Kris Bryant latest All Star to add C-Flap to helmet in return to Cubs lineup

Kris Bryant is returning to the Cubs lineup Saturday after missing the previous four games following a scary at-bat that ended with a fastball drilling him in the head.

The incident certainly could’ve been a lot worse. Bryant was able to walk off the field, but was still forced to sit out for the next few days. The Cubs’ third baseman says he was just following what team doctors were telling him.

Bryant did reportedly pass concussion tests and teammates said he was fine following the incident. Still, it’s hard not to be a little shaken up when something like that happens.

Which hardly makes Bryant’s new safety decision surprising.

The 2016 MVP is now the latest player to attach a C-Flap to his batting helmet.

The former NL MVP is back in the lineup four games after taking a 96 mph fastball to the head. (AP Photo)

It’s not a new sight in the Major Leagues, but it’s certainly becoming more and more common across baseball. Mike Trout, Bryce Harper,  Jason Heyward and Miguel Cabrera all sport the C-Flap on their helmets.

Giancarlo Stanton made the switch to the C-Flap after being hit in the face during the 2014 season. Milwaukee’s Keon Broxton credits it with saving his life after a wild pitch deflected off it last season.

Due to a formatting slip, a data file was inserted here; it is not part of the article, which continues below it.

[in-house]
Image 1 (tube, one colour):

As All-Star batters get better at making adjustments at the plate, it’s going to become more common to see pitchers attempt to paint the inside corners while searching for outs. And that’s going to lead to more players getting hit.

It comes with the job. It also makes you wonder how much longer until all players are wearing the C-Flap.

Mike Trout sporting the C-Flap on his helmet to help protect his face and head from wild pitches. (AP Photo)

MLB is notoriously slow when it comes to changing the game for the better, so it’s not like we’d expect to see a new rule grandfathering these helmets in anytime soon. Besides, the players are doing a pretty good job of integrating the helmet into their lives all by themselves.

No one wants to see a player get hit in the head — MLB certainly doesn’t want to see any of it’s most marketable players take a fastball to the face — but it’s an occupational hazard that isn’t going anywhere.

The C-Flap can at least mitigate the damage. It’s a smart adoption for the sport’s top stars. Even if guys like Bryant have to embrace it the hard way.

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Blake Schuster is a writer for Yahoo Sports. Have a tip? Email him at
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